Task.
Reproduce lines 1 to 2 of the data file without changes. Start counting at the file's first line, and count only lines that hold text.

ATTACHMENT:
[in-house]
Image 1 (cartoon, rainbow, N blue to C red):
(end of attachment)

[in-house]
Image 1 (cartoon, rainbow, N blue to C red):